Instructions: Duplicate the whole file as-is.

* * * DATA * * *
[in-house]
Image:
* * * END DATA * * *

[in-house]
Image: